Angie (1994)

"What have the Irish done to make you hate us so much?" - Stephen Rea to
Geena Davis, when she tries to honk an Irish accent

ANGIE doesn't make a bit of sense, which is shame, considering how
likable this Geena Davis vehicle really is.

ANGIE is Angie Scacciapensieri (Geena Davis), a Catholic/Italian/Bro-
oklyn gal with an okay boyfriend and a better job. By day, she works for
a magazine. By night, she dates a plumber. (Named, what else?, Vin-
nie.) The twist comes when the supposedly free-spirited Scacciapensi-
eri gets pregnant and doesn't want to get married. Because, as she
states, "having a baby changes everything." No duh.

Which pits Angie against her family, her friends, and, ultimately,

There's a lot to like about ANGIE.  There's good acting across the
board, from Mrs. Renny Harlin on down.  The less-than-ethnic-looking
Davis effortlessly carries the film. She's a striking actress *and*, as
proven here, a dependable talent. Some of the better supporting players
include James Gandolfini, Aida Tuturro, and THE CRYING GAME's Stephen
Rea as a love-interest.

More importantly, the characters *feel* real. As do (most of) the
situations. The production values are good. The timing is good. All in
all, a very good effort.

So what's wrong?

ANGIE never explains Angie. Or, if you prefer, the film never clearly
explains who Angie is. We know more of what happens to her anything
else. In fact, Angie goes through enough dramatic situations to fill
three films. Her monologue to an incubator, alone, should send
collective estrogen levels soaring.

(Insecure men beware: ANGIE contains extensive humor on vibrators,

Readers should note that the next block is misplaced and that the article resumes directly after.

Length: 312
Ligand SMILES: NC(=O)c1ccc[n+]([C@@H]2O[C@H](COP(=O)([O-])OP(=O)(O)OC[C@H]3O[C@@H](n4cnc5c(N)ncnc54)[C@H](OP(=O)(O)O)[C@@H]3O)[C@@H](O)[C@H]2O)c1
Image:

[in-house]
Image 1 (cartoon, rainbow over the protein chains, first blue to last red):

gynecological exams, and breast feeding!)

The story skimps in a couple other places. Angie's reason for leaving
Vinnie is never made clear. And her truck-stop transformation late in
the film, where she cuts all her hair herself, is barely believable.

Overplaying and unintentional omissions aside, there's enough honest
humor in ANGIE to amuse anyone. Better bits include Angie registering
into the hospital as "Angie Scotchandsoda" and a delivery-room scene
complete with music from A CHORUS LINE.

All this and a healthy dose of Catholic guilt to boot!

Ultimately, ANGIE feels like a "greatest hits" compilation from a
longer, stronger movie. The early scenes work well, but the film goes
downhill, a bit, as the drama is played increasingly hard. Like any
compilation, it's a pleasant experience even if none of the scenes, good
or not-so-good, ever tell us who Angie really is.  Which may leave some
viewers feeling hollow.  Martha Coolidge directs from a script by Todd
Graff, which adapts the novel "Angie, I Says" by Avra Wing.  (Rated "R"/
~110 min.)

BOTTOM LINE:  Likable comic drama that benefits from a good cast, good
characters, and handsome production values.  Demerits:  some overwrought
drama and a vague lead character.

Grade: B-

Copyright 1994 by Michael J. Legeros

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